Arrival In Korea

Well well well…we’ve finally arrived in Korea. After weeks of back and forth with Fed-Ex, the Korean consulate, and our favourite neighbourhood notary, we have touched down in the land of Kimchi.

From the top.

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Here you have two very tired soon-to-be English teachers at the Vancouver Airport, just about to board their flight to Beijing. The travelling process was relatively seamless, minus our arrival in Beijing where we stood in line for Domestic customs in the “foreigners” line, only to realize we were in the wrong place. Seeing as that was the only hiccup, I’d say we did alright.

The flight from Beijing to Seoul was two hours. Upon landing we were greeted by Mike, our driver, who drove us to our new abode and invited us to go hiking with him sometime (we have yet to actualize these plans).

While I was falling asleep the entire ride home, likely due to the fact we’d been up for nearly 24 hours straight, arriving at the apartment doors instantly woke me up. Mike pulled up to an apartment building that was directly across from this:

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Both Johnny and I were so excited that we would be living in such an energetic area. There’s about a four by four block radius of these buildings, with each one home to 5-6 levels of restaurants, bars and shops. Despite the Jetlag, we put our bags in our room and immediately went out to explore.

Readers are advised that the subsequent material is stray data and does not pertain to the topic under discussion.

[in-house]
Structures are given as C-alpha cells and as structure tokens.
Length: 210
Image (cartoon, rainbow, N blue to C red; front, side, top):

Fast forward to the next day, when we begin working. A quick turnaround time, but it honestly wasn’t that bad in terms of fatigue. The job is great, the kids are so cute, and the people are really nice. After work we strolled through our neighbourhood (called Sanbon by the way), as we have to go through it in order to get home. We finish work at 10pm, and we were amazed to see that not only was everything still open at this hour, everything was busy. People, including children, were out and about cruising through these lit up streets, and the restaurants were full! We ducked into a fried chicken place we had spotted earlier to get some food.

Something we were very pleased to learn about is that in Korea the restaurant tables have a button you can press to get the waiter’s attention. No more awkwardly trying to make eye contact with your server, or sheepishly waving your hand out to try and grab their attention. All of that is bypassed when all you have to do is press a button.

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We got the garlic fried chicken and a massive pitcher of beer. Cheap and delicious.

And that concludes our first 24 hours in Korea! I realize I’m a little late on the updates but I’ve got some more adventures to post ASAP so stick around if you’d like to hear about ancient palaces and accidentally ordering cow intestines.

 

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